Tourism and Conservation Fund policy from Labour

Written By: - Date published: 7:50 am, August 29th, 2017 - 7 comments
Categories: election 2017, labour - Tags:

Labour has announced a Tourism and Conservation Infrastructure Fund.

In a land of just over 5 million people, we get more than three million people a year from all over the world visiting. International tourists spent $10b here last year, supporting more than 300,000 jobs.

The economic impact sounds great, but it’s causing strain in rural regions and small towns with small councils and the Department of Conservation.

From Northland to Southland the Department of Conservation in particular takes a huge burden and receives very little of the income benefits that tourism brings to New Zealand (The only way I managed to get a booking on the Milford Track for November this year was by diarising the day and minute that DoC said they would be accepting bookings, then furiously clicking the mouse until all the world’s booking operators took a breather for a millisecond. It’s going to be a crowded set of huts up there).

Labour is saying that it’s time to spread that tourist impact load from the taxpayers and ratepayers of New Zealand onto those who are receiving the benefit of fantastic holidays in New Zealand.

Labour is proposing:

  • 60 per cent of the Fund ($45m per year) will be used to grow our tourism industry, and
  • 40 per cent ($30m per year) will be used to protect our biodiversity and ensure conservation is properly resourced.
  • The $45m per year for growing the tourism industry will be split with
    • 60 per cent going towards funding tourism infrastructure projects ($27m per year),
    • 20 per cent to training ($9m per year) and the remaining
    • 20 per cent for support in high demand areas like Queenstown ($9m per year).
  • The $30m per year for conservation will be used to increase biodiversity funding and for conservation infrastructure.


7 comments on “Tourism and Conservation Fund policy from Labour”

  1. red-blooded 1

    A great policy – it’s all very well constantly repeating the mantra that tourism is the backbone of our economy, but if it’s causing problems for our regional infrastructure and conservation estate then we need to do something proactive about it, and this looks like a sensible approach.

  2. red-blooded 3

    …Your point being? It’s hardly surprising that parties with similar perspectives on social and environmental issues will come up with some overlapping policy. Surely this is a good thing – more likely to actually get implemented? Besides, policy like this is the result of months discussion and work within the party. Just because the Greens policy was announced first doesn’t mean it formed the basis of the Labour policy.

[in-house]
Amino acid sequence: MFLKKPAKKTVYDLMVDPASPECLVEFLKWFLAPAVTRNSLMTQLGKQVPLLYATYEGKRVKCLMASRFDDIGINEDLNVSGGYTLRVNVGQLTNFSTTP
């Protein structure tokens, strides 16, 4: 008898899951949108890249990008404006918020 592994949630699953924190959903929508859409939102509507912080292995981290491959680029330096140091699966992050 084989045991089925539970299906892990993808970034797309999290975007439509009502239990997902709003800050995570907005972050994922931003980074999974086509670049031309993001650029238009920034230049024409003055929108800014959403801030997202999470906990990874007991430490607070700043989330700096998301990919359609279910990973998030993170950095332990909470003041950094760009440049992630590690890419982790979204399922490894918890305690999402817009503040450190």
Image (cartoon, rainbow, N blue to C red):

Also the Greens want a 75:25 split between conservation and tourism infrastructure. Labour has it weighted slightly the other way – 60:40 infrastructure, conservation.

  3. alwyn 4

    Why on earth are the Labour Party being so kind to Australians?
    This policy, as announced, will automatically exclude all Australian citizens or permanent residents from having to pay.
    When they arrive they are, at the point of entry, automatically given a New Zealand Resident visa. That automatically classifies them as being New Zealand residents and they can claim they have that status..
    The published policy says that all New Zealand citizens and residents will be exempt from the fee. That means that nearly all the tourists we get from Australia will be exempt, which is about half the total of all tourists.
    Who is the genius who has devised the policy? Was it a two minute, back of an envelope exercise to try and have something to put up against the National Party proposal?

    How is it meant to apply to only tourists anyway? Do they automatically classify a business traveller, not holding Australian citizenship or permanent residence, arriving in Auckland from Sydney and going back on the same day as a “tourist” and hit him or her up for the fee?

    Will SIA or Emirates air crew, here for a few hours between flights get wacked with a fee? On the description of the policy they will also be included in the category of “tourists”.

  4. Ian 5

    The process of soliciting and gathering funds is known as fundraising. This is just another poorly thought out TAX. If it moves ,lets tax it .

    • One Anonymous Bloke 5.1

      You’re all about other people obeying the law until it comes time to pay your taxes and then you whinge and whine like a crybaby. It’s pathetic and deserving of widespread ridicule.

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